MARKET SNAPSHOT: Dow, S&P 500 End Lower As Oil Wallops Energy Sector, But Tech Shares Buck The Trend
By Mark DeCambre, MarketWatch , Ryan Vlastelica
Energy sector sees weakness on report of possible higher oil production
U.S. stocks ended mostly lower Friday as a plunge in crude-oil futures, sparked by reports that OPEC and major oil-producer Russia were considering increasing output, slammed shares of energy-related companies. The three main benchmarks, however, managed to produce a weekly gain, led by outperformance in the internet and technology sector.
Markets will be closed on Monday in observance of Memorial Day and total composite trading volume on Friday -- the third lowest of 2018 at 5.7 billion shares changing hands -- reflected investors leaving early ahead of the holiday.
What did markets do?
The Dow Jones Industrial Average retreated by 58.67 points, or 0.2%, to 24,753.09. The S&P 500 closed down 6.43 points, or 0.2%, at 2,721.33. The Nasdaq Composite Index , meanwhile, added 9.42 points, or 0.1%, to finish the week at 7,433.85.
For the week, the Dow gained 0.2%, the S&P 500 logged a 0.3% advance, while the Nasdaq closed out the trading period with 1.1% return.
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What's drove the markets?
Crude-oil futures tumbled 4% following the reports that the Organization of the Petroleum Exporting Countries and other major producers may lift production by as many as 1 million barrels a day . Crude prices are up more than 12% thus far this year, which has lifted the energy sector. The industry is up more than 9% since the start of April, supported in large part by the rally in commodity prices. The Energy Select Sector SPDR ETF (XLE) fell 2.6% on Friday. For the week, the fund lost 4.5%.
Investors also kept an eye on geopolitical headlines. After President Donald Trump called off a June 12 summit with North Korea, a senior official from Pyongyang said its leader Kim Jong Un is still willing to meet . U.S. stocks briefly tumbled Thursday on news that Trump had pulled out of talks, but traders seemed to be finding some reassurance in North Korea's measured response.
"We express our willingness to sit down face-to-face with the U.S. and resolve issues anytime and in any format," said Kim Kye Gwan, a senior North Korea foreign ministry official, in a statement published by the North's official state media. She was the same official who had harsher words for the U.S. administration a week ago.
What are market analysts saying?
"If the Saudis do lift oil production, that could be the news of the day. It may result in a weak patch for the energy sector, but for the broader market that could be offset by a rise in sentiment if it results in gas prices falling going into the summer driving season," said John Augustine, chief investment officer at Huntington Private Bank.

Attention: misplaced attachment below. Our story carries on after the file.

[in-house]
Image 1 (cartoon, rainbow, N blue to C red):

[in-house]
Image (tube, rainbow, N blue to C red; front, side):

"There's still a lot of questions about geopolitical issues with North Korea. Recent developments have seemed positive, but there's a big question of what the sentiment is going to look like during the long weekend," he said. "The question for investors is whether they should wait until Tuesday to see what happened over the weekend and make decisions then."
What's on the economic docket?
Durable-goods orders fell 1.7% April , but the decline was almost entirely due to a decline in contracts for Boeing planes. Most businesses took in more orders and increased investment last month.
Separately, a read on consumer sentiment came in at 98 in May , down from April's reading of 98.8.
Federal Reserve Chairman Jerome Powell on Friday said central bank independence doesn't just mean having the ability to determine interest rates without political interference, but set regulations as well. The central-bank chairman remarks came during (https://www.federalreserve.gov/newsevents/speech/powell20180525a.htm) a celebration of the 350th anniversary of Sweden's Riksbank.
Which stocks are in focus?
Energy stocks were among the most active of the day. Exxon Mobil fell 1.9% while Chevron was down 3.5%. Both stocks are Dow components, which exacted a roughly 40-point toll from the price-weighted blue-chip gauge.
Foot Locker soared nearly 20.2% after profit and sales for the sportswear maker beat forecasts .
Zoe's Kitchen shares plunged 40% after the restaurant chain posted a bigger-than-expected first-quarter loss .
Shares of Gap fell by about 15% after the retailer missed earnings expectations and reported weaker same-store sales late Thursday.
What are other markets doing?
After a cautious session, Asian stocks finished in the red for the week, led by a 2% drop for the Nikkei 225 index . European stocksended the session mostly higher, outside of Spain , where stocks were under pressure on political worries.
The ICE U.S. Dollar Index moved up 0.5% to 94.197. The 10-year Treasury note yield ended Friday's abbreviated session for bonds at 2.931%, off 13.6 basis points for the week.
Gold futures settled slightly lower at $1,303.70 an ounce .
--Barbara Kollmeyer contributed to this article